Bottom hole pressures are valuable source of information for reservoir surveillance and management and are the heart of reservoir engineering. Real – time pressure measurements record pressure data at 5 second interval resulting in enormous accumulation of data. The size and volume of the accumulated data limit the capability of existing analysis software to load and interpret data. This paper presents an improved methodology for data quality checking and data optimization in determining reservoir pressure depletion via Autoregressive Integrated Moving Average (ARIMA) and Decision Tree Model.
Dataset was gathered from a representative reservoir from Malay Basin. The ARIMA algorithm presented was designed for quick and efficient data quality checking. The Decision Tree Model in other hand was utilized to select maximum buildup pressure for reservoir depletion point via well status parameters. The maximum pressures were selected from buildup up data when the decision tree conditions were met. Versus classical methods, the algorithm has obtained around 90% similarity. The resulting data were then can fully optimized for reserve reporting and forecasting study i.e. analysis and numerical simulation.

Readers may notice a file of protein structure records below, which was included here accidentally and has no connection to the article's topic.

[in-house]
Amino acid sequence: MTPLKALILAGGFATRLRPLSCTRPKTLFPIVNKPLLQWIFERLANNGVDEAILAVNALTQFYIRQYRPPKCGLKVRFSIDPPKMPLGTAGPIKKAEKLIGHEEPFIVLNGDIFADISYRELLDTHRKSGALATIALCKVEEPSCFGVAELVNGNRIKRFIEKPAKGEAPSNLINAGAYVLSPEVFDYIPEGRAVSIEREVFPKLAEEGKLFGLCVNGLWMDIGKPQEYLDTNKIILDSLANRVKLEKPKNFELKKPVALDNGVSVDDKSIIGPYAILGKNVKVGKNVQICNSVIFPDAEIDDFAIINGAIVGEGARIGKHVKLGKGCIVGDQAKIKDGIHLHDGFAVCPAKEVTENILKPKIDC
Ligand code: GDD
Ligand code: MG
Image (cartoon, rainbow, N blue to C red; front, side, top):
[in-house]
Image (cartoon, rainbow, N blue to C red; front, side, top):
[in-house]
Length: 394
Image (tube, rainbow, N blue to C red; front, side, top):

The paper also reports on the advantages in the application of ARIMA – Decision Tree Algorithm in pressure surveillance revealing few key advantages namely minimize the need of well intervention and optimized workflow for reservoir engineer to view, utilize, and detect reservoir depletion data. ARIMA – Decision Tree Algorithm is targeted to be installed and integrated in field historian for better overall data analysis and visualization. Results produced from the ARIMA – Decision Tree Algorithm which consist of reservoir pressure depletion data will then improve more advance analysis such as simulation and forecasting in terms of overall speed and accuracy.
As a conclusion, this paper presents the importance and application of incorporating Big Data Analytics Algorithm in reservoir management and reporting. Future work, deliverability calculations can be incorporated in the model to identify and rectify any abnormal reservoir behavior.